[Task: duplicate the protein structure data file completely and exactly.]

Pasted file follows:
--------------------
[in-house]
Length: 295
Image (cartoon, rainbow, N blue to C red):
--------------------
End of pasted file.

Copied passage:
[in-house]
Length: 295
Image (cartoon, rainbow, N blue to C red):